Built for scalability: New Zealand’s plant-based meat firm Sunfed enters next phase of growth
According to Sunfed Founder and CEO Shama Sukul Lee, one of the company’s areas of focus from the very beginning has been to ensure that everything was built with scalability in mind.
“Phase One for us after lots of deep R&D was to launch and commercialise Chicken Free Chicken in New Zealand last year, as New Zealand is a really good test bed for new products, sort of a microcosm of the big macrocosm food market,” she told FoodNavigator-Asia.
“Now, some 12 months on, we have completed Phase Two, where we scaled up our proprietary technology, focusing on scalability and manufacturability. This enabled us to enter Australia and launch nationwide, as there is a much larger market there by at least five times.
“For any animal-based system to scale up, the negative impacts come around fast, as it takes out more than it gives – this is the reason why although most food companies want to scale, they can’t, and end up having to compromise on quality, e.g. injecting chickens with antibiotics and hormones.
“For Sunfed, we’ve always focused on building a regenerative, highly scalable protein system so that scaling up will not bring any negative effects, but instead enrich the environment.”
In line with this concept is the product itself – Chicken Free Chicken claims to be unique from other plant-based meats as it presents as whole pieces of chicken breast, and not a patty made from mince.
“The result of our deep R&D was the ability to create long, succulent meaty fibres, and we are the only company that can do this worldwide,” said Lee.
The primary ingredient in Chicken Free Chicken is yellow pea protein, which Lee claims to be the ‘most environmentally sustainable crop to grow’.
“Yellow peas are hardy, they enrich the soil they grow in, they’re good in terms of water use and they’re even good for the bees – all in all, the use of this crop does not cause any environmental damage and depletion,” she said.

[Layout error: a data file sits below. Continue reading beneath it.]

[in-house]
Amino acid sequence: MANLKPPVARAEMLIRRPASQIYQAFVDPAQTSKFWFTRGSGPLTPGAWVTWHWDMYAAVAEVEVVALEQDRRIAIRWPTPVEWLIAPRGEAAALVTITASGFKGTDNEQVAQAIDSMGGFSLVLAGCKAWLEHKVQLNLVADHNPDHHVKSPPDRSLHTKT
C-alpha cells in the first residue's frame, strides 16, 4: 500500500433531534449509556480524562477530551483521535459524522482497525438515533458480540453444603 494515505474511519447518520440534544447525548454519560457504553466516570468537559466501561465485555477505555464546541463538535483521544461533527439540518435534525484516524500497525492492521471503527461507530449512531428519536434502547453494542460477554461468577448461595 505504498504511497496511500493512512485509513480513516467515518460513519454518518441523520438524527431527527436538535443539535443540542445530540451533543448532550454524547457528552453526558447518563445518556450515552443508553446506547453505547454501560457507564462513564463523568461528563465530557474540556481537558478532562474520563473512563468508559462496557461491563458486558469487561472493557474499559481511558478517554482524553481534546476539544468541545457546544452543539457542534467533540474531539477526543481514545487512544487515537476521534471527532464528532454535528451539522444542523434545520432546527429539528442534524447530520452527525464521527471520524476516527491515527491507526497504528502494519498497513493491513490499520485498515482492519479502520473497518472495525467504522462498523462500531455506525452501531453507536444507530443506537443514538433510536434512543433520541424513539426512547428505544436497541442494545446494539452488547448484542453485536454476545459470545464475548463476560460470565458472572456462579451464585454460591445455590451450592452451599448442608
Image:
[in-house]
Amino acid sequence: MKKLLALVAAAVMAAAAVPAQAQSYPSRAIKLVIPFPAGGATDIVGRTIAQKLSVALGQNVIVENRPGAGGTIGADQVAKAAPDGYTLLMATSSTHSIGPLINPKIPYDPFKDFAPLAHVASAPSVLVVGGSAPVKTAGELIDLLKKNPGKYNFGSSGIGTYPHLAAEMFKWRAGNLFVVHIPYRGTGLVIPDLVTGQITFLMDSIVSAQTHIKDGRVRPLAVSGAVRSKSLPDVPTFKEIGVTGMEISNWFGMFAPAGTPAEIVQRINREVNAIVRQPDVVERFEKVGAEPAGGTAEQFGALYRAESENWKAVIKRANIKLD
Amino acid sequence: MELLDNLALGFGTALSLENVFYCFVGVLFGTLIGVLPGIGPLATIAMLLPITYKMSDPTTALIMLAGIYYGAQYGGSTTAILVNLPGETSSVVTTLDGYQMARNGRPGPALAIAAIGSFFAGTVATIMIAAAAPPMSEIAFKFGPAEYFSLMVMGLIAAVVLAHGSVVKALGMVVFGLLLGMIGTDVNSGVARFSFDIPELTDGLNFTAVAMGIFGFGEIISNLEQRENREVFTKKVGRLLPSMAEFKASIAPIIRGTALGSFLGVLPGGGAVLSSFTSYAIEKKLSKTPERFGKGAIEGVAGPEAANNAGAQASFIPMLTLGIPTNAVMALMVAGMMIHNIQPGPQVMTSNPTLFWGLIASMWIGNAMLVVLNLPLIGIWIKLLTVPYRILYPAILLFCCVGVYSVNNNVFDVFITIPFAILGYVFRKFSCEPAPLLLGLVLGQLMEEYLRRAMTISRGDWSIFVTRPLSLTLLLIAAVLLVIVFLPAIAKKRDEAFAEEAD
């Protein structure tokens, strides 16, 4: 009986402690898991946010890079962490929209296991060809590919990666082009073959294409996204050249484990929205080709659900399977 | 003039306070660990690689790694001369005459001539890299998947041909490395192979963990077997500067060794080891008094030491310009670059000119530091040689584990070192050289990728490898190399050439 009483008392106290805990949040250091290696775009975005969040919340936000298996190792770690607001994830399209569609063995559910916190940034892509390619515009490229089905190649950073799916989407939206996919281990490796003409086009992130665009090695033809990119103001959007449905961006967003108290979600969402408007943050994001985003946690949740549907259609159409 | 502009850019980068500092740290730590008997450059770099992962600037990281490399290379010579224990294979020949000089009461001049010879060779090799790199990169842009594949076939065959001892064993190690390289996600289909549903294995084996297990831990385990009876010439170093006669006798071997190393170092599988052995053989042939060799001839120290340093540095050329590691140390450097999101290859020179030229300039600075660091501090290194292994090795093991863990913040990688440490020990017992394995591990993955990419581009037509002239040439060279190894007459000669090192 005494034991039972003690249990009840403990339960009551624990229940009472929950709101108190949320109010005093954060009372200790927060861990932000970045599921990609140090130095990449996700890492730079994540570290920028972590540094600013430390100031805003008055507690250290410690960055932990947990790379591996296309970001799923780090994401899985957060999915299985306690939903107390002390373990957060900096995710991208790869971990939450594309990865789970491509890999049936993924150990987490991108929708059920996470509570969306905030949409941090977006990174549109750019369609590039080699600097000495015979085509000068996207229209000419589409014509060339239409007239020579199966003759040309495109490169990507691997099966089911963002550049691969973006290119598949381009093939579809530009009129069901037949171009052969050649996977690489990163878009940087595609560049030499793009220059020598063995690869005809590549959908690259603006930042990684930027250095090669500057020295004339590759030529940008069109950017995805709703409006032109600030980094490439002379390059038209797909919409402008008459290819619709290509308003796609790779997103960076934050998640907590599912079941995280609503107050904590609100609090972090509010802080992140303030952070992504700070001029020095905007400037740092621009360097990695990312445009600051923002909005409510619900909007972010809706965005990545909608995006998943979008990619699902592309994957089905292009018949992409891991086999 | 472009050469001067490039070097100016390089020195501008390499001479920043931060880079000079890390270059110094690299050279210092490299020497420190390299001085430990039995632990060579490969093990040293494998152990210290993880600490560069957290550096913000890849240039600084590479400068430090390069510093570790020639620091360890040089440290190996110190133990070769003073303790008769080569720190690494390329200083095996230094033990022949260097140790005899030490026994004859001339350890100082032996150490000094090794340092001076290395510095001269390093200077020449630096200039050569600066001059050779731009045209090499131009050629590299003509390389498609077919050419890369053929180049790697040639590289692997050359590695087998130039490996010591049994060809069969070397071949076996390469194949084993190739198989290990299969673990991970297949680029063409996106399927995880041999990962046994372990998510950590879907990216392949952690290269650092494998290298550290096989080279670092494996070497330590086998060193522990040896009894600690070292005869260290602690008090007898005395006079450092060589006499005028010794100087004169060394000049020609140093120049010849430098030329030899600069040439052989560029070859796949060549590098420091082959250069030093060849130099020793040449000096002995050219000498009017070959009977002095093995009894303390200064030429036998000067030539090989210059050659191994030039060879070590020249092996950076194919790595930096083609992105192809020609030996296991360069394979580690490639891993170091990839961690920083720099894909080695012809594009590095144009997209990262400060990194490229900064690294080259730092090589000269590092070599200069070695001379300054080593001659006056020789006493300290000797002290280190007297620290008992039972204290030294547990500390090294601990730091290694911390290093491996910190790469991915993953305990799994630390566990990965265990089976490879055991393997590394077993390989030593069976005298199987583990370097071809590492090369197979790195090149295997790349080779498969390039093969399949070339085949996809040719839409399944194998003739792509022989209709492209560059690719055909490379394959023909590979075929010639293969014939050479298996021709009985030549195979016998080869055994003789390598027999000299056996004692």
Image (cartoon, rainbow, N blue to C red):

As for why chicken was chosen as the area of focus, this was in accordance with global trends and demand.
“Especially in the Western market, chicken and fish consumption is increasing due to health concerns, as red meat has been linked to multiple diseases of affluence. [We] are targeting consumers who want an alternative source of protein which is nutrient-dense, gluten-free, soy-free and cooks like meat.”
Room for all
In terms of standing out from the competition, Lee told us that Sunfed’s main competition was mainstream animal-sourced meat, and not any other plant-based meat company out there.
“Companies like Impossible, Beyond and Sunfed, we’re all part of the new generation of meat alternatives, focusing on getting the meaty experience right,” she said.
“The market is really big, and we’ve all taken different routes, for example Impossible has gone with genetic engineering with heme to create their burger patties and we’re focused on minimal, clean ingredients – as far as I can see, there is room for all.”
Expansion and NPD
“We are now in Phase Three and this is global expansion, taking our technology everywhere globally. That is the ultimate goal, to go global.”
Although Lee said that Sunfed’s key target markets will first look at North America, the United Kingdom and Europe, she added that Asia is a ‘big part of the plan’ too.
“Asia is important for us, especially in terms of exports – Australian and New Zealand products are highly regarded in the region, and China especially would be a big market,” she said.
As for other types of meats apart from chicken, Lee added that Sunfed’s current technology means that making different types of meat ‘is not so difficult’.
“We want to expand both in terms of reach and product range, so although infrastructure and scaling up is our current priority, we will be launching other products like beef, pork and fish soon too.”